In a new paper, Pierson and Shickler contend that this era of polarization is different. They fear that polarization this time will continue to intensify because the three “meso-institutions”—interest groups, state parties, and the media—that were the bulwark against polarization in earlier eras are themselves polarized or have changed in ways that they offer much less resistance:
- State Parties
- State Parties Have Polarized “state party platforms are more similar across states and more distinctive across parties than in earlier eras (Paddock 2005, 2014; Hopkins & Schickler 2016).”
- Federal Government is Much Bigger. This means state concerns matter less — which brought cross-cutting cleavages into play. “Although it has received less discussion in the analysis of polarization, a second development in the 1960s and early 1970s—what Skocpol (2003, p. 135) has termed the “long 1960s”—was also critical: a dramatic expansion and centralization of public policy (Melnick 1994, Pierson 2007, Jones et al. 2019). Civil rights legislation was only the entering wedge. During the long 1960s, liberal Congresses enacted, often on a bipartisan basis, major new domestic spending programs (especially Medicaid and Medicare, which now account for roughly a quarter of federal spending as well as, in the case of Medicaid, a big share of state spending). They greatly enlarged the regulatory state, creating powerful new federal agencies (such as the Environmental Protection Agency) and enacting extensive rules covering environmental and consumer protection as well as workplace safety.”
- Interest Groups Have Polarized
- “The powerful US Chamber of Commerce provides a striking illustration of the broader trend. Traditionally conservative but studiously nonaligned, it now carefully coordinates its extensive electoral activities with the Republican Party, and its political director (a former GOP operative) can refer unselfconsciously to Republican Senate candidates as “our ticket” (Hacker & Pierson 2016).”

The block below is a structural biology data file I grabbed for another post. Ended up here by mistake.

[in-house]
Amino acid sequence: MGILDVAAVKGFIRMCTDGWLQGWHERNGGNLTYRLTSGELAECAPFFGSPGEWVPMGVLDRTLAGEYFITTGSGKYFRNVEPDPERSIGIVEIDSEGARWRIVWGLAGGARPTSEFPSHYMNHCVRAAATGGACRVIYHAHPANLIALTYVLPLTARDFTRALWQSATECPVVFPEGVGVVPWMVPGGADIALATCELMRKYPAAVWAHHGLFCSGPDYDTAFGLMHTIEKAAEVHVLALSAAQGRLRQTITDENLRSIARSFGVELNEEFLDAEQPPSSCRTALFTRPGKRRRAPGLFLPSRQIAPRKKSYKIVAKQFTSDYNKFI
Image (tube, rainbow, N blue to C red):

- Media —- the usual story
Why This Time is Different
- “The Civil War era represents an obvious extreme point in the intensity of divisions, yet the period of partisan polarization was remarkably brief: The major American parties featured deep internal divisions on slavery up until the mid-to-late 1850s, and the new Republican majority became deeply divided over Reconstruction and key economic questions soon after the war ended.”
Questions and Notes
- Why are business interest groups not more bipartisan? For instance, if the US Chambers of Commerce is going hard R, is it a sign that it represents businesses of a particular sector/region? Is the consolidation of the economy (GDP) in cities causing this? If so, then how does the oncoming WFH change affect these things?
- Given wide swings in policy regimes are expensive for business—for one, they cannot plan, what are the kinds of plays eventually big businesses will come up with. In some ways, for instance, Twitter banning Trump is predictable. Businesses will opt for stability where they can.
- The more frightening turn in American politics is toward populism and identity politics—so much for the end of politics.
- The party coalitions keep evolving. For instance, in 2020, poor White people were firmly in the column of Republicans. While as late as 2004, as Bartels pointed out, they were not.